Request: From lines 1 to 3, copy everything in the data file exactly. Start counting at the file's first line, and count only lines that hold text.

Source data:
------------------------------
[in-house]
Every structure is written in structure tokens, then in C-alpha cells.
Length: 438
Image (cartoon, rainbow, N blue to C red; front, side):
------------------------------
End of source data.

[in-house]
Every structure is written in structure tokens, then in C-alpha cells.
Length: 438